MEMORIAL OF HARRY BERMAN - Mineralogical Society Of America - Free Download PDF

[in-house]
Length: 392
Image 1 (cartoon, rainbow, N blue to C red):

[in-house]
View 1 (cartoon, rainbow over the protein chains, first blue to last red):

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MEMORIALC. S. Hunlsur,OF HARRYBERMANJn., H araard, (Jniaersity, Cambrid,ge, M ossachusetts.On August 27, 7944,Harry Berman was killed when his transatlanticplane crashed in attempting to land at Prestwick, Scotland. His untimely death at the age of forty-two has cut short a career that gavepromise of being one of the most outstanding in American mineralogy.Berman was born in Boston, Massachusettson February 16, 7902,the son of Robert and Rebecca Berman. When he was seven years old,his father, a merchant, moved to Johnstown, Pennsylvania,where Berman completed public grade and high schools.He then attended CarnegieInstitute of Technology with interest in mathematics and engineering,but for financial reasonswas forced to abandon college work at the endof one year. In 7922he becamean assistantin the mineralogicalsectionof the Il. S. National Museum, where he acquired his intense and lastinginterest in minerals. In 1924 he came to Harvard as museum assistantto ProfessorCharlesPalache,then active as Professorof Mineralogy andCurator of the Mineralogical Museum. Here he began the life of researchand study which occupied him until the outbreak of the war. Realizingthe necessity of additional formal education, he took coursesat Harvardand attended evening classesat the Lowell Institute in Boston. Thus,over a six-year period he completed collegerequirements and was grantedby Harvard the degreeof Adjunct of Arts in 1931.During the academicyear 1932-33 he was awarded a scholarship for foreign travel, which heutilized in studying with J. D. Bernal at Cambridge,England, and withV. M. Goldschmidt in Gcittingen,Germany. On returning to Harvard,he continued his program of part-time work and study. In 1935 he received the degreeof Master of Arts, and in 1936the degreeof Doctor ofPhilosophy. From 1936 to 1940he continued as Museum Assistant andwas also Research Associate in Mineralogy. In 1940 he was appointedAssociateFrofessor of Mineralogy and Curator of the Mineralogical Museum at Harvard University. He was on leave from these positions at thetime of his death.During the period of his employment in the Museum and his parttime study leading to his degree,Berman was actively engagedin research. He published his first paper in 1925 and since then has beenauthor or joint author of thirty-six other papers.An examination of hisbibliography will show the wide variety of mineralogical subjects inwhich he took an active interest.t24